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Paris on a Budget: 5 Lessons Learned

Posted on May 22, 2020

During my time in Paris, I learned more lessons and had more epiphanies than I have ever experienced in my 20 years on this earth — all in the span of 4 months. However, as I look back, even though I had lived in Paris before and had thought I knew “my favorite city in the world” like the back of my hand, I really could not have anticipated these 5 crucial lessons that Paris taught me during my Fall semester with CEA - all while on a budget!

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1. Find the Beauty in “Simplicity”

In my opinion, Paris is one of the rare cities in which you can feel quite enriched by doing the simplest of activities, that do not cost a cent. For example, one of my favorite activities in Paris, and something perhaps I miss most about my life there, was the ability to walk around absolutely everywhere. I found myself wanting to skip the metro and walk for an hour, just to take in a favorite view of La Tour Eiffel, or to pass by my favorite cafe. Paris is best discovered on-foot, and my walks never disappointed. And best of all, it was free. Some of my favorite memories with friends in Paris were during walks in beautiful public gardens or on lively avenues that would never fail to lead us to our next destination or adventure of the day. Another simple activity was the art of picnicking. I learned that 20 euros at Monoprix could quite literally buy you the world, and enough for 3-5 friends. We would pool a few euros together and pick up some cheese, a baguette and some fruits rouges, and BAM! The perfect pique-nique set up. Low-price, high-quality, and a view of the Seine or Eiffel Tower: Priceless.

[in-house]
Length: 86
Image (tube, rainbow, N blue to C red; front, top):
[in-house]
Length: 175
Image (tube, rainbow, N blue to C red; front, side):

2. Not Everything Will Be Parfait